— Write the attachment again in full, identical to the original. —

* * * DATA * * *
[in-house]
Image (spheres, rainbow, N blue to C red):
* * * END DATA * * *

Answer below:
[in-house]
Image (spheres, rainbow, N blue to C red):